Diversity In Comics: It's Time To Change The Conversation
Marvel's been in the headlines a lot over the last week, and it's not exactly been the kind of attention the comic book publisher will have enjoyed.
Marvel's been in the headlines a lot over the last week, and it's not exactly been the kind of attention the comic book publisher will have enjoyed. In the wake of disturbingly poor sales, Marvel held their first Retailer Summit of the millennium, and some of their key figures made unguarded remarks that, well, to say they've gone viral would be something of an understatement. The most controversial statement was by David Gabriel (Senior Vice President — Sales and Marketing):
"What we heard was that people didn't want any more diversity. [...] We saw the sales of any character that was diverse, any character that was new, our female characters, anything that was not a core Marvel character, people were turning their nose up against. That was difficult for us because we had a lot of fresh, new, exciting ideas that we were trying to get out and nothing new really worked."
The reaction has been fairly predictable. Some websites (and fans) have fumed that Marvel's missing the point entirely, and stood in defense of diversity. Others have seemed almost smug about it all, confident that their long-standing complaints have been vindicated. Unfortunately, here's the simple truth: We've all been missing the point.
The problem isn't with "diversity" at all. It's with the way Marvel has done diversity. That's proven when you look at two success stories: #MsMarvel and #BlackPanther. Ms. Marvel was a surprising success — as creator G. Willow Wilson observed, the bar was set low because the series was expected to only last a handful of issues. In fact, she even had a three-issue exit strategy! But, to Wilson's surprise, Ms. Marvel was a runaway success, and Marvel's been trying to find the next Ms. Marvel ever since.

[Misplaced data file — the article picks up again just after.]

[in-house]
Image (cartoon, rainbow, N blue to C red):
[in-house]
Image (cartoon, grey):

They seem to have hit upon another winner with Ta-Nehisi Coates's Black Panther, a comic that delves into the politics and culture of Wakanda. Just the first issue was literally the best-selling comic of 2016; and in a year that featured DC's phenomenally-successful "Rebirth" initiative, that's pretty remarkable.
Notice the pattern, though. G. Willow Wilson, a Muslim woman living in America, has successfully created a book centered around themes of social justice in the context of religious tradition. Ta-Nehisi Coates, meanwhile, is an award-winning writer and journalist whose work often focuses on the cultural issues of black masculinity. These two books don't just have diverse stars — they also have diverse creators.
And yet, for all I'm praising Black Panther, I can't help but feel that there's something badly wrong with the book. Why did Marvel need to look outside the comic book industry to find someone who could write it? Why didn't they find, and nurture, an up-and-coming black comic book writer instead? Ask that question, and you suddenly begin to realize that Marvel Comics as a company just isn't that diverse.
Two years ago, in the wake of their "Secret Wars" event, Marvel announced a promising new series: Blade the Hunter. This book had a simple pitch: No longer would Blade, the vampire hunter, walk alone. Instead, he'd learn that he has a teenage daughter, Fallon Grey — envisioned as the "anti-Peter Parker" — a popular kid who stumbled into the family business.
The idea was so intriguing that there were rumors Marvel TV was interested in developing it. Unfortunately, Marvel chose writer Tim Seeley, largely because of his skill when it comes to writing teenage characters. Marvel immediately had another scandal on their hands — why hadn't the company chosen a black writer?